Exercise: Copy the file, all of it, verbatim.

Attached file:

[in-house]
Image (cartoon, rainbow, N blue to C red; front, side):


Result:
[in-house]
Image (cartoon, rainbow, N blue to C red; front, side):